Volumes of materials have been written analysing many aspects of the human/animal bond. In particular, the use of animals in pet-assisted therapies in a human medicine context is well documented. Veterinarians, on a daily basis, continue to underscore the importance of the bond in offering preventive medical advice and "wellness" therapies on the basis that the companion animal is truly a "part of the family". Advertising campaigns are mounted by veterinary interest groups and veterinary suppliers that direct the consumer to consider the importance of the animal's well-being in the owner's life. Effective marketing for the small animal practitioner includes embracing the pet as a "family member"; this is particularly true in practices that offer grief counselling for owners.
The veterinary practitioner must appreciate that as the scientific studies continue to provide results that draw causal links between human health and the continued good health of companion animals, the risk and exposure of greater damage awards is a reality in negligence cases. It will, in my view, become increasingly difficult to argue that the appropriate damage award is restricted to the value of the animal; as a result, veterinary malpractice insurers will require the payment of higher premiums to reflect the increased exposure. In addition, litigation involving pet owners will likely increase as greater damage awards will be at stake.
There is clear evidence that the human/animal bond is now the subject of statutory recognition in various forms: municipal ordinances relating to animal control issues in both San Francisco and Boulder have been amended in recent years to change the words "animal owners" to "animal guardians" - with respect, I suggest that the term "guardian" has a distinctly different connotation than that of "owner" suggesting a level of care is required because of the dependency of the animal. As well, the States of Maryland, Tennessee and Oregon have each placed bills before their respective state legislatures to limit the damage awards that might be made available by a court to an animal owner. In the Oregon bill the quantum of damages is proposed to be limited to $250,000 for non-economic losses. As such, I respectfully suggest that this represents further evidence of the recognition of the importance of animals to their owners and, indeed, the influence of the human/animal bond.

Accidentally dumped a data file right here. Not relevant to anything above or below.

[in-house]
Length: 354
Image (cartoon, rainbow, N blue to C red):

Most attorneys would agree that the very best way to defend a claim of veterinary malpractice is to avoid the claim in the first place. In this regard, the prudent practitioner or veterinary hospital manager will adopt the "Three C's of Malpractice Avoidance": competency, communication and compassion.
It goes without saying that one can avoid claims of malpractice if one practices prudently and maintains his or her competence. The failure to meet the standard of care is a precondition to any veterinary malpractice claim - to practice competently and meet the standards is a complete defence. Practitioners should ensure that they continue to attend continuing education lectures, read current journals and ensure that their staff are maintaining the appropriate standards.
The art of veterinary communication requires one to obtain the informed consent of the owner prior to undertaking a course of treatment. Too often the failure to properly communicate the risks of a procedure results in a claim of veterinary negligence.
Finally, when an unfortunate and unexpected result occurs in practice, the practitioner should ensure that he or she demonstrates a high level of sincere empathy and compassion for the client's loss. Sometimes the client is merely wanting a form of acknowledgement of the loss in order to move forward.